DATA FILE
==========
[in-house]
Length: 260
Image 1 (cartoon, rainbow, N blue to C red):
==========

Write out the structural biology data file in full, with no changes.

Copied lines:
[in-house]
Length: 260
Image 1 (cartoon, rainbow, N blue to C red):